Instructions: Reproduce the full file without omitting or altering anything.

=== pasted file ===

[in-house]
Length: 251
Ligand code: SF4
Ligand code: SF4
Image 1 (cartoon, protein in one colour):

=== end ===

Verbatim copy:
[in-house]
Length: 251
Ligand code: SF4
Ligand code: SF4
Image 1 (cartoon, protein in one colour):